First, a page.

Senate Renewal

The road to Senate modernization: How far we’ve come and how much further we can still go

This piece by former Senator John Wallace is part of a series about the renewed Senate by former Senators.

John Wallace served as a Senator for New Brunswick for eight years. Appointed as a Conservative Senator in 2009, he chose to leave the caucus to sit as an independent in 2015 until his retirement in 2017.

John Wallace served as a Canadian Senator from 2009 to 2017.

As requested, I offer my following personal thoughts on how the Senate’s current modernization process may achieve its objective of creating a less partisan, more independent, accountable and transparent Parliamentary Chamber.

At the outset, I do wish to once again point out and acknowledge that this particular process of Senate modernization began as a direct result of initiatives that were undertaken in 2014, by our esteemed colleague and former Speaker of the Senate, the late Honourable Senator Pierre Claude Nolin.

Senator Nolin initiated the discussions on Senate modernization through a series of Senate Inquiries on the following topics that he introduced and spoke to in the Senate Chamber at that time:

1)  Origin, History and Evolution of the Senate;

2)  Senate’s Legislative Role;

3)  Role in Representing the Regions of the Canadian Federation;

4)  Role in Protecting Minorities;

5)  Role in Parliamentary Diplomacy; and

6)  Promoting and Defending Caucuses that Concern the Public Interest.

Without doubt, the numerous contributions of the late Senator Nolin for the direct betterment of the Senate of Canada, and its members, cannot be over-stated and should not be forgotten.

A Less Partisan, More Independent Senate

There is no question in my mind that the new appointment process for Senators is a major, much-needed improvement over what existed prior, in that:

  • Members of the general public are able to recommend names of potential appointees for Senate appointment consideration;
  • This appointment process is now based on consideration of publicly available, objective, merit-based criteria; and
  • All successful applicants are required to acknowledge and confirm that they will carry out their senatorial duties and responsibilities in a truly independent, non-partisan manner.

This requirement to always act in an independent, non-partisan manner is of course, both fundamental and absolutely necessary for the proper performance of the Senate’s primary legislative role, which is as “a complementary legislative body of sober second thought,” as was confirmed by the Supreme Court of Canada in its 2014 decision in Reference re Senate Reform.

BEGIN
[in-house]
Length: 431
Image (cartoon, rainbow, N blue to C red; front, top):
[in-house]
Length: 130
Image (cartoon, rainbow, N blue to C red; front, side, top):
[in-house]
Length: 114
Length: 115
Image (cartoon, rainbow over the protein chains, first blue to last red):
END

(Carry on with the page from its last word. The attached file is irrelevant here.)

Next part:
At that time, the Supreme Court also stated: “In creating the Senate in the manner provided in the Act, it is clear that the intention was to make the Senate a thoroughly independent body which would canvas dispassionately the measures of the House of Commons.”

The framers of the Constitution sought to endow the Senate with independence from the electoral process to which members of the House of Commons were subject, in order to remove Senators from a partisan political arena that required unremitting consideration of short-term political objectives. By so doing, they were clearly differentiating and distinguishing the required Constitutional roles and responsibilities of Senators, from those of elected Members of Parliament.

The importance of the Senate’s legislative role, and the manner in which it is intended to be performed by all Senators, was made entirely clear by Sir John A. MacDonald at the time of Confederation:

“There would be no use of an Upper House, if it did not exercise, when it thought proper, the right of opposing or amending or postponing the legislation of the Lower House. It would be of no value whatever were it a mere chamber for registering the decrees of the Lower House. It must be an independent House, having a free action of its own.”

And also:

“No ministry can in the future do what they have done in Canada before, they cannot with a view of carrying any measure, or of strengthening the party, attempt to overrule the independent opinion of the Upper House, by filling it with a number of its partisans and political supporters.”

Despite this intention, and requirement that Senators are to always fulfill their fundamental legislative role in a truly independent and non-partisan manner, it has not historically worked out that way. The problem, as stated at the time by Sen. Nolin in his speech to the Senate Chamber on February 4, 2014, was that in his words, “We have begun to lose sight of our responsibilities.”

In my opinion, and the opinions of many others, that failure was the direct result of the long-standing prevalence and practice of excessive political partisanship from both sides of the Senate Chamber.

When speaking of excessive political partisanship, I am not referring merely to one’s membership in a political party, but rather to those Senatorial decisions to support, reject or amend proposed legislation that are based, first and foremost, on the maximization of partisan political advantage for one’s own political party, and conversely, the political disadvantage of the other. In other words, “voting the party line.”

This is not, and cannot be the right answer for a properly functioning Canadian legislative chamber of sober second thought.

The Senate’s fundamental legislative role should always be performed on the basis of objective, merit-based public policy considerations and decision making that represents and reflects the best interests of Canadian citizens, and is not based on a predetermined, political bias that is clearly one-sided, lacks impartiality and reflects the best interests of political caucuses.

This historical practice by Senate partisans of consistently “voting the party line” and choosing, for the most part, to act as “rubber-stamp agents” of the political will and direction of their respective political caucuses, obviously lacked impartiality and seriously eroded the credibility and reputation of the Senate.